Yep. Vampires. Well, vampire, singular. At least in this first volume. Secretary Kaya Satozuka has just been assigned to the Tohma company’s Managing Director, Kyohei Tohma. Kyohei isn’t known for being able to keep a secretary, as he works them hard and keeps long, late hours. He’s also a renowned womanizer, with women coming in and out of his office on a constant, regular basis. Kaya’s heard the rumors, and excepts her experience won’t be any different. But Kaya prides herself on being an exceptional secretary, able to work under pressure and do her job well. Unfortunately, Kaya is rather plain looking with hair pulled back into a tight bun and unflattering glasses. Kyohei isn’t happy about having such an unattractive looking secretary work for him, but Kaya soon proves that she’s extremely capable, even completing the loads of work he gives her, and helping to juggle his schedule and liaisons with women. Kyohei soon comes to respect her as his secretary, if nothing else. One night, however, Kaya decides to snoop around in her boss’s office, thinking the women visiting him, who are very pale and weak looking when they leave, must be doing drugs of some sort with him. When she accidentally observes one of his trysts, however, she learns that the truth is far more dangerous and complex. Kyohei is a vampire. Now Kaya has to keep his secret (or risk her mother being fired from a company store) and perform her secretarial duties, which now include added responsibilities in keeping her boss fed and his secret safe.
Like any woman with a vampire for a boss, Kaya grows curious and tries to find out as much about vampires as possible. Partly so she can perform her job better, partly out of her own curiosity. She quickly learns that Kyohei isn’t affected by the traditional vampiric weaknesses in literature, though she soon learns one of his real weaknesses when they dine in a restaurant located inside a church. It’s not the physical symbols that bother him, but the atmosphere of faith generated by humans. To help her weakened boss, Kaya offers up her own blood, and immediately realizes what’s got all those other women swooning all over him. Not Kaya, though, who does her best to remind herself that it was all about being a meal for Kyohei, and nothing more. Protecting him is her duty as his secretary, after all. But when she saves him again at a Christmas party, things get a bit too intimate for them both.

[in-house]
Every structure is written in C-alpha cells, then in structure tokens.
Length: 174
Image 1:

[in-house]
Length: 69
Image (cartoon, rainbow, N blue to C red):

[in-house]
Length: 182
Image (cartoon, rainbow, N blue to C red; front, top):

The series has its charms, though it’s nothing special. This is an easy story that could be about anyone and written by anyone. It is well told, though, and an entertaining enough read. It doesn’t fall into too many cheesy vampire tropes, though when it does they’re handled well that you won’t really notice. This is not a bad read, over all, and it’s nice to see that Kaya doesn’t get immediately swept away by Kyohei. Rather she holds fairly stubbornly to the fact that supporting him in such a way (ie: as a meal) is part of her job. Kyohei has his issues, as well. He’s the second son of the company’s president, but by all appearances he doesn’t seem to give a crap about the company. Appearances can be deceiving, however. The art style is rather old fashioned. Not bad, mind you; it’s fine, though it’s not as polished as it should be after sixteen volumes of published manga. Kaya is plenty expressive, but Kyohei isn’t (though that’s partly due to the character not willingly showing much emotion). Everyone else (except Kyohei’s brother, who just looks like a blond Kyohei) is fairly generic. If you like vampire stories, or boss/secretary stories, then definitely check this one out.
Review copy provided by Viz Media.